Sept. 29: Chone Figgins (LAAoA) Solo Homer Against Oakland
Distance: 249 feet (video)
Situation: None on, bottom 8th, none out, Angels up 5-0
This homer was one of Chone Figgins‘ nine home runs last year. Figgins pulled the ball to right against Kiko Calero. Hiram Bocachica, filling in for a resting Milton Bradley, was cheating toward center and had to make a long run to get to the ball. He went into an ill-advised slide to keep the ball from going to the wall but got tangled in his own ankles. As the ball skittered along the wall, Bocachica ran to retrieve it and comically slipped and fell on his butt. Figgins slid into home plate as cutoff man Mark Ellis threw the ball home.
Drama: Low. This game was a blowout and Oakland had already clinched the division (good thing, too—the A’s lost three of four in this series).
Surprise: Moderately low. Figgins is fast and Hiram Bocachica is no Ichiro in right.
Style: Moderate. Chone Figgins is fun to watch when he goes full speed, but a well-placed cartwheel would have helped.
Oct. 4: Mark Kotsay (OAK) 2R HR Against Minnesota
Distance: 283 feet (video)
Situation: One on, top 7th, 2 out, tie game 2-2
In Game 2 of the ALDS, the Twins and A’s were locked in a tie going into the seventh. With the untouchable lefthhander Dennys Reyes (.424 OPS allowed to lefties) facing the struggling Mark Kotsay, it looked like the inning was as good as over. Instead, Kotsay stroked a sinking line drive into center. Gold Glover Torii Hunter laid out for one of his breath-taking diving catches … except the ball rudely missed his glove. It scooted on the turf straight for the wall and hit the baggie.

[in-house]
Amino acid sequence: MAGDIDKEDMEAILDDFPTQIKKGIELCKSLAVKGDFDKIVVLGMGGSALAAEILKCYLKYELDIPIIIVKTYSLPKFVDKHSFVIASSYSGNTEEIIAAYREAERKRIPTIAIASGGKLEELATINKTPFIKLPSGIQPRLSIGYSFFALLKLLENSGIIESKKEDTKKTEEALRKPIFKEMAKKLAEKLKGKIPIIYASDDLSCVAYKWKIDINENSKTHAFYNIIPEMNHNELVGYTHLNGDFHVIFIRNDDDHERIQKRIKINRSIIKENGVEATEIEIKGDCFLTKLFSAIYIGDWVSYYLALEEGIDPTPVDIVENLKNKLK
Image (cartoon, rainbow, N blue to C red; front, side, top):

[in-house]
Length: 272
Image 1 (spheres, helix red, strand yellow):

Hunter could only watch helplessly as Michael Cuddyer raced to the ball; Cuddyer made a nice throw to the cutoff man who quickly relayed the ball to catcher/temple-hair expert Joe Mauer. There could have been a play at the plate, but the throw was to the first base side and Kotsay scored.
Surprise: Very high. Gold Glove fielder, pitcher who is death on lefties, batter who struggles against lefties: nobody saw it coming.
Style: Low. Kotsay started his slide at the edge of dirt cutout, flew through the air, touched the plate, and immediately popped up with a high-five that almost knocked down Jason Kendall, who had scored ahead of him. To his credit, Kendall was pounding the ground, encouraging Kotsay to slide. Unfortunately, Kotsay’s style was severely cramped when his shirt came untucked, which really killed the moment.
Drama: Very high. Besides the surprise factor, the home run broke a late-game tie in a playoff game. It more or less sealed Game 2 of the ALDS in favor of the A’s.
Those were the cheapies. Next week we’ll take a look at some inside-the-park home runs that went farther than 300 feet, including a gargantuan 400-plus foot blast that never left the park.
References & Resources
Be sure to check out Hit Tracker Online, which details the true and adjusted length of every home run from 2005 and 2006. The distances listed here are the “standard distances” as measured by Hit Tracker.
You’ll need Windows Media Player to view the videos (at least I did), which are streaming directly from MLB.tv.